In 2013 the Cal EPA released a report showing what is readily apparent to most of us: climate change is here and it’s impacting us in ways that cost us a lot in terms of our health, our environment, and our economy. Increasing temperatures are causing extreme weather patterns, intense wildfires, and the most severe drought in California’s history. Climate change is also making air pollution, which already contributes to 3,800 premature deaths each year, worse. 

On top of all the negative health impacts of climate change, there is a real financial cost. Air pollution alone conservatively costs our state at least $28 billion annually. With climate change these numbers will only worsen. 

What’s more, these costs are borne disproportionately by people of color and low-income communities. Without swift action, all Californians – but especially vulnerable communities already suffering from pollution, poverty, and lack of opportunity - will suffer. 

Low-income communities don’t need AB 69; they need affordable and clean transportation choices

By 2020, the annual proceeds from cap-and-trade could bring in as much as $5 billion annually to be used for projects and programs that reduce carbon emissions, create jobs, improve public health, and numerous other benefits. 

TransForm, with our partners in the Sustainable Communities for All Coalition, led the charge to ensure that a large proportion of the cap-and-trade climate fund will be invested in creating walkable neighborhoods with robust public transit, affordable homes, and parks and open space. 

At least 25% of cap-and-trade proceeds must be invested in our most disadvantaged communities throughout the state. This means that residents in low-income and heavily polluted communities will see investments that will reduce pollution, spur the economy, and provide access to transportation, jobs, and healthier lives.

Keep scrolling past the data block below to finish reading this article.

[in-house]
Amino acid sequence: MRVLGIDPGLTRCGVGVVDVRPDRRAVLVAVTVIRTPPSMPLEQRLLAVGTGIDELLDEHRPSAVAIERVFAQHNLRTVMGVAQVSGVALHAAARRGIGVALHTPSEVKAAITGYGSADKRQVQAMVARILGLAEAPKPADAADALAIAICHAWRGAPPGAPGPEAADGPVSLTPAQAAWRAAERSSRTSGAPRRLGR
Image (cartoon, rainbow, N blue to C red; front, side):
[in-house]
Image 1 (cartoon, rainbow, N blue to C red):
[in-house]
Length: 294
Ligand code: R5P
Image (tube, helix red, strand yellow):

These investments will not only improve health and quality of life but they have been proven to save people money. Our 2009 Windfall for All report showed that households in neighborhoods with good transit access in the four largest metro areas spent an average of $3,800 less and reduced carbon emissions by 34% every year. If all neighborhoods had access to the best public transportation, residents could spend $31.2 billion less each year on transportation,  and use those savings  to invest in their own future.

With more money in the cap-and-trade climate fund, the potential to enhance economic prosperity, achieve our climate goals, and protect our climate only increases – but only if the oil industry doesn’t succeed in passing AB 69. 

Email your legislator to stop AB 69 and keep California on track leading the charge to protect our climate and invest in a strong, sustainable economy.

Join us in telling our leaders in Sacramento NO on AB 69, and YES on a healthier and more prosperous future. 

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TransForum is the blog of TransForm, California's leading transportation advocate. For more about our work, including ways you can take action and contribute, visit